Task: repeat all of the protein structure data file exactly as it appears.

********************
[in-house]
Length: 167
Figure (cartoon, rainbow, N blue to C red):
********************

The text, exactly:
[in-house]
Length: 167
Figure (cartoon, rainbow, N blue to C red):